Faculty Mentor

Dr. Shailesh Ambre, Dr. Patricia Todebush

Proposal Type

Poster

Start Date

3-11-2018 3:20 PM

End Date

3-11-2018 4:30 PM

Location

Nesbitt 3110

Abstract

Library Synthesis of antimicrobial peptide targeting Staphylococcus aureus

Due to the overprescribing of antibiotics bacteria have adapted and developed mechanisms to combat the antimicrobial agents. One example is Staphylococcus aureus, which causes common skin infections, and can be easily treated. But amidst the abuse of antibiotics, S. aureus has become resistant to most known antibiotics; resistant strains are termed Methicillin-resistantStaphylococcus aureus (MRSA). This is a major concern in hospitals where the bacteria evolve under constant pressure developing multi-drug resistance. Thus significant efforts have been made to develop either stronger antibiotics or investigating alternate pathways to target the resistant strains. The mevalonate pathway appears to be critical for the survival of many bacteria including S. aureus. Recently, Matsumoto et. al.concluded that the mevalonate pathway is essential for cell wall synthesis. Gram-positive bacteria have a thick cell wall layer and interrupting assembly of this layer generates antimicrobial activity. The same group identified Farnesyl diphosphate as an important intermediate in cell wall synthesis and depletion of this molecule compromises the cell wall layer making the bacteria susceptible to osmotic fluctuations. In another study, Qingrong Huang and co-workers, isolated a dipeptide pyrophosphate from a common beverage -kefir. This peptide inhibited fungi and several Gram-positive bacteria and showed a synergistic effectwithErythromycin in Gram-negative bacteria. We hypothesize that this dipeptide competes with the Farnesyl diphosphate in the synthesis of the cell wall. To test our hypothesis, we are synthesizing various analogs of the dipeptide pyrophosphate. These molecules will help us deduce the structural elements required for activity. We will then test our hypothesis by probing the mechanism of action. This poster highlights our synthetic efforts at building the compound library.

Keywords: Antibiotic resistance, MRSA, antimicrobial peptides, mevalonate pathway, library synthesis

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Nov 3rd, 3:20 PM Nov 3rd, 4:30 PM

43 - Library Synthesis of antimicrobial peptide targeting Staphylococcus aureus

Nesbitt 3110

Library Synthesis of antimicrobial peptide targeting Staphylococcus aureus

Due to the overprescribing of antibiotics bacteria have adapted and developed mechanisms to combat the antimicrobial agents. One example is Staphylococcus aureus, which causes common skin infections, and can be easily treated. But amidst the abuse of antibiotics, S. aureus has become resistant to most known antibiotics; resistant strains are termed Methicillin-resistantStaphylococcus aureus (MRSA). This is a major concern in hospitals where the bacteria evolve under constant pressure developing multi-drug resistance. Thus significant efforts have been made to develop either stronger antibiotics or investigating alternate pathways to target the resistant strains. The mevalonate pathway appears to be critical for the survival of many bacteria including S. aureus. Recently, Matsumoto et. al.concluded that the mevalonate pathway is essential for cell wall synthesis. Gram-positive bacteria have a thick cell wall layer and interrupting assembly of this layer generates antimicrobial activity. The same group identified Farnesyl diphosphate as an important intermediate in cell wall synthesis and depletion of this molecule compromises the cell wall layer making the bacteria susceptible to osmotic fluctuations. In another study, Qingrong Huang and co-workers, isolated a dipeptide pyrophosphate from a common beverage -kefir. This peptide inhibited fungi and several Gram-positive bacteria and showed a synergistic effectwithErythromycin in Gram-negative bacteria. We hypothesize that this dipeptide competes with the Farnesyl diphosphate in the synthesis of the cell wall. To test our hypothesis, we are synthesizing various analogs of the dipeptide pyrophosphate. These molecules will help us deduce the structural elements required for activity. We will then test our hypothesis by probing the mechanism of action. This poster highlights our synthetic efforts at building the compound library.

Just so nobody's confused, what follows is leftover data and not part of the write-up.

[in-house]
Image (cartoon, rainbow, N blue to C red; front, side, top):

Keywords: Antibiotic resistance, MRSA, antimicrobial peptides, mevalonate pathway, library synthesis